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Conservation Corner: Litter, litter and more litter

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By Tom Deverin

Litter is like sunshine, it is everywhere. Energy Advisory Panel members volunteered to assist our school children with the Route 24 Adopt-A-Highway program and  a clean-up at the City Marina on Jan. 12 and 14, respectively. Once you pick-up roadside and community litter you seem to notice it more.  It really is pretty much everywhere.
Fourteen large trash bags of litter were collected on the Route 24 clean-up but the likes of a car bumper and 2 year old political signs were not bagged.  In the vegetated areas around the marina we picked up six large trash bags of litter, mostly beverage containers and plastic bags. Two very full bags came from the small patch of mangrove in front of the Fire Station. Many residents and visitors, upon seeing the volunteers cleaning up, would take the time to thank everyone for their efforts. The kids really appreciated that. Then for the perfect end to the marina clean up event, Bryan Skarupski, one of the Big Deck owners, bought lunch for all of the volunteers. The teenagers really, really appreciated that.  Thank you Mr. Bryan! Plus the students qualify for Environmental Scholarship points and community service hours.
About 55-percent of littering is intentional. Ten-percent of people surveyed now admit to intentional littering, just throwing it out the vehicle window. Things are improving however.  In 1968 when asked the same question, 50-percent of the people said that they did litter. A study showed that 80-percent of the roadside litter is “gifted” to the rest of us by males. The other ways that litter ends up on the side of the road or on a beach is negligent or unintentional littering. Boaters that do not secure their trash would be a good example. Drive behind boats leaving Cedar Key, once the driver gets up to speed all types of paper and plastic bags start blowing out of the boat. Or on a windy day a trash can blows over and the trash blows all over. No matter how it gets there it is still litter and unsightly.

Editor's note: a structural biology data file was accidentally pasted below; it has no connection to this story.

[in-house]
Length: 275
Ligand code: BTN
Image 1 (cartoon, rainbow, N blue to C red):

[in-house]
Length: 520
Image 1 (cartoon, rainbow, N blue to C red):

The roadside litter, unless it is picked up will be there for a long time. It takes a plastic bag from ten to 20 years to breakdown, and aluminum can from 100 to 200 years, plastic beverage containers up to 100 years. When the kids last did the Adopt-A-Highway program, at the corner of Route 24 and 2nd Street, they found a treasure trove of cigarette butts. The children were very diligent and picked all of them up. So smokers please be aware that cigarette butts are litter and that it will take from one to five years for that butt to decompose.
There would be a lot more litter if it were not for the several folks that pick it up when they walk around our beautiful Islands. It has been proven that if an area has no litter people will tend not to litter in that area. We’re thankful for the weekly dedication of Mr. Ed who alone picks up litter along a six mile stretch of Route 24.  The Adopt-A-Highway sign reads Friends of Stu.
All of the actions by these folks are the essence of community service. You see something that needs to be done and you do it. No meetings or committees, no fanfare, just getting the task at hand done. Cheers to all of you. This is one of the best attributes of our little City.  People are willing to help, willing to devote time and resources for the betterment of our community. We are all truly blessed to live here; even if there is some litter.